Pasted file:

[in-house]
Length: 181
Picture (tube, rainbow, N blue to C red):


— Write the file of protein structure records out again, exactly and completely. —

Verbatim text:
[in-house]
Length: 181
Picture (tube, rainbow, N blue to C red):